Families should consider protecting older parents with senior alert system

Alan Wu

May 6, 2011

While caregivers often oversee a parent's health, making long trips to a senior's home to check in, they are also sometimes in the midst of a very striking denial. Even when they may know better, it's easy to believe parents when they tell family that they're "fine." 

That was the case of Jane Gross, who recently shared her experience with her mother, Estelle, with The New York Times.

"My mother wasn’t going to burden me or my brother by explaining any of this, ask our assistance or even welcome it if offered," Gross writes. "All of these were problems she preferred to solve on her own."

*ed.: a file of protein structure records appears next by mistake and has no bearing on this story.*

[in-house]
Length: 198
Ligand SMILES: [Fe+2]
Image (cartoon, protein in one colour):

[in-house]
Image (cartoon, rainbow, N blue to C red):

This can often be a problem when it comes to senior safety, because families can't help older adults who refuse the help in the first place. Instead, experts suggest trying to come to a compromise.

A senior alert system can afford seniors the independence they need and the extra safety that families want. This easy-to-install device enables users to immediately send a medical alert if they require assistance.

It can be an especially important addition for older adults who are living alone. The Centers for Disease Control and Prevention estimate that one out of every three Americans age 65 and over fall each year. 

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